district office for further information. You may also contact the
  Uninsured Employers' Fund.
          Q. What are my posting
              requirements?
• A. Employers must post a notice of compensation
  carrier poster in a conspicuous place at the work
  site. This poster provides employees information
  on the company's workers' compensation
  coverage and where to get medical care for work
  injuries. Specific requirements are contained in
  sections 3550-3553 of the California Labor Code.
  Failure to post this notice is a misdemeanor that
  can result in a civil penalty of up to $7,000 per
  violation. Contact your insurer to get the posting
  notice and the required information that must be
  included on it.
 Q. Can I be fined for not carrying
workers' compensation insurance?
                (1/3)
A. Yes. If the Division of Labor Standards Enforcement (State
   Labor Commissioner) determines that an employer has failed to
   secure workers' compensation coverage, a stop order will be
   issued and served (Labor Code Section 3710.1). This order
   prohibits the use of employee labor until the coverage is
   obtained, and failure to observe it is a misdemeanor punishable
   by imprisonment in the county jail for up to 60 days or by a fine
   of up to $10,000, or both. (Labor Code Section 3710.2). The
   Division of Labor Standards Enforcement will also assess a
   penalty of $1,000 per employee employed at the time the stop
   order is issued and served. (Labor Code section 3722(a)).
 Q. Can I be fined for not carrying
workers' compensation insurance?
                (2/3)
• In addition, if an injured worker files a workers'
  compensation claim that goes before the WCAB, and
  the workers' compensation judge finds that the
  employer had not secured insurance as required by
  law, then, when the adjudication becomes final, the
  uninsured employer may be assessed a penalty of
  $10,000 per employee employed at the time of injury
  if the worker's case was found to be compensable, or
  $2,000 per employee employed at the time of injury if
  the worker's case was noncompensable, up to a
  maximum of $100,000 [Labor Code section 3722(b)].
   Q. Can I be fined for not carrying
  workers' compensation insurance?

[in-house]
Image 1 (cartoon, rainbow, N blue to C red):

(3/3)
• Finally,failure to secure workers' compensation insurance
  when you knew, or reasonably should have known, that it
  is required, is a misdemeanor "punishable by
  imprisonment in the county jail for up to one year, or by a
  fine of up to ten thousand dollars ($10,000) or by both that
  imprisonment and fine." (Labor Code Section 3700.5)
 Q. Can my employees contribute for
 workers' compensation insurance?

A. No. Workers' compensation insurance is
 part of the cost of doing business. An
 employer cannot ask employees to help pay
 for the insurance premium.
       Employer's Guide to Workers'
        Compensation in California
• DWC has published an easy to read Employer's
  Guide to Workers' Compensation in California.
• A link to download a copy in Adobe Acrobat (.pdf)
  format can be found here
              Case Example:
     TUOLUMNE COUNTY MAN ARRESTED FOR
       WORKERS’ COMPENSATION FRAUD

• Jeffrey Ferguson was employed as a
  licensed vocational nurse at Tuolumne
  County Hospital from August of 1994
  through April of 1995.
• Submitted four workers’ compensation
  claims for injuries to his wrists, back and
  right heel.
             Case Example:
     TUOLUMNE COUNTY MAN ARRESTED FOR
       WORKERS’ COMPENSATION FRAUD

• In June of 1998, Ferguson attended the 49th
  Tuolumne Lumber Jubilee and competed in
  a tug-of-war contest.
• The 43 minute contest was captured on
  videotape and revealed that Ferguson was
  engaged in physical activities that were
  contrary to his subjective claims.
            Case Example:
     TUOLUMNE COUNTY MAN ARRESTED FOR
       WORKERS’ COMPENSATION FRAUD

• Tuolumne County incurred losses of over
  $75,000 due to his fraudulent claims.
• Ferguson could face up to five years in
  state prison and/or pay a fine up to
  $50,000.
          Application to us?
• EVERYONE need WC insurance
• Make sure you are in compliance with the
  insurance regulations
• If in doubt, consult with a labor attorney
• Always watch out for fraudulent claims
• Stay current with the law
Questions /
Comments?